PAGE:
From Cape Cod to Cape Ann, this winter’s devastating succession of coastal storms has left a lasting mark on the state’s beaches — sand dunes washed away, staircases obliterated by record tides, sea walls reduced to rubble.
As residents prepare for the approaching beach season, much of the state’s coastline remains in rough shape, facing a slow, costly recovery from the extensive damage.
“This year’s winter was brutal for the beaches,” said Bruce Berman, a spokesman for Save the Harbor/Save the Bay, an environmental advocacy group. “With storm after storm coming on high tide, they accelerated erosion and damaged infrastructure up and down the coast.”
On Good Harbor Beach in Gloucester, sand dunes have been cut in half. In Nahant, where the state spent nearly $20 million in recent years to protect its causeway, newly built bluffs were swept out to sea. In Sandwich on Cape Cod, where local officials have long struggled to maintain a barrier of protective sand on Town Neck Beach, surging tides damaged coastal homes.
Governor Charlie Baker attested to the strength of the winter surf in a request for federal aid, writing last month that “huge powerful waves” resulted in “significant damage to public infrastructure.” In the letter sent to President Trump, Baker said a preliminary damage assessment estimated that one of the storms in March caused at least $24 million in damage by itself, and the final toll would likely be “substantially higher.”
In addition to the damage to at least 2,113 homes along the coast, the state Office of Coastal Zone Management had reported “widespread beach and dune erosion,” and buildings and sea walls were damaged from Salisbury to Chatham.
“Beach access structures and boat ramps were undermined and damaged or destroyed, and many floats, piers, docks, and boats were damaged or displaced,” he wrote.
As state officials await a decision, coastal communities are scrambling to clean up the damage in time for summer.
In Sandwich, town officials two years ago spent $3 million to bolster a local beach with about 120,000 cubic yards of sand dredged from the Cape Cod Canal.
“Basically, it’s all gone now,” said George Dunham, the town manager. “We’ll be paying debt on it for the next 13 years, but the sand’s no longer there, putting everything behind it at greater risk.”
The storms also damaged the town’s boardwalk, dumped sediment into a nearby marsh, and severely damaged some 15 homes, including one that had to be taken down.
“It’s fair to say the damage here alone was in the millions of dollars,” Dunham said.
In Gloucester, city officials placed the damage cost as high as $14 million. Without federal disaster assistance, they would have to postpone large improvement projects, such as rebuilding sea walls and piers, they said.
Besides Good Harbor, the city’s other popular beaches, such as Wingaersheek, suffered “major damage,” with footbridges and piers destroyed, said Jim Destino, the city’s chief administrative officer.
“I’ve never seen anything like this,” he said. “This was a major bite out of our beautiful coastline, and it will be tough.”
City workers were out this week rushing to rebuild sea walls, restore damaged paths, and clean up beaches strewn with rocks and boulders.
“We’ve done a lot of work to recover, but there’s a lot of work that remains,” Destino said.
In Quincy, officials estimate the city sustained more than $10 million in damage to sea walls, roads, sidewalks, and other property in the March storm, which flooded 130 homes and forced 500 people to evacuate.
At Wollaston Beach, large rocks still cover significant portions of the sand, and a beach staircase remains in tatters. A concrete slab from a damaged sea wall lies nearby.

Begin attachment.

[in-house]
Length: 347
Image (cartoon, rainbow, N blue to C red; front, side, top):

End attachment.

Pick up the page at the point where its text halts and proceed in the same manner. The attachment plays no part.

“The extensive damage to sea walls has left portions of the city vulnerable to repetitive flooding during normal monthly high tide,” Baker wrote in his letter to Trump.
On Nantasket Beach in Hull, where winter storms caused an estimated $1 million in damage, portions of the beach remain covered in detritus that washed up during the nor’easters.
One home facing the ocean still has a front lawn filled with cobble rocks, while foul-smelling seaweed is piled in heaps of sand.
As he pointed to a section of a sea wall that had been swept away, Christian Krahforst, the town’s conservation administrator, said many of the existing homes would have to make expensive changes to survive future storms.
“The only solution for them is to elevate,” he said. “After the storm, it looked somewhat like a war zone here.”
On a recent tour of the damage in Nahant, state Senator Brendan Crighton pointed to where a large, newly built dune used to protect the causeway.
“It looks like an asteroid hit it,” he said.
Without such dunes, future storms could swamp the causeway and ultimately sever Nahant from the mainland, he said.
“This is why we need long-term planning,” he said.
State officials, who could not provide a damage assessment for the 14 beaches managed by the Department of Conservation and Recreation, said they’re working “diligently to prepare its properties for the millions of people” who visit them every summer.
They said the governor has filed legislation that would provide $300 million in aid for coastal communities to prepare for rising seas, inland flooding, and other potential effects of climate change. That legislation remains pending.
“Climate change is here, and these storms are going to keep getting worse,” said Daniel Sieger, the state’s assistant secretary for environmental issues.
He said there was only so much that could be done to protect the coast from natural forces, as sea levels are predicted to rise by several feet in the coming decades. But the state will continue to nourish beaches with more sand, he said.
“Beaches are the Commonwealth’s first line of defense . . . to respond to and prepare for extreme weather,” he said.David Abel can be reached at firstname.lastname@example.org. Follow him on Twitter @davabel.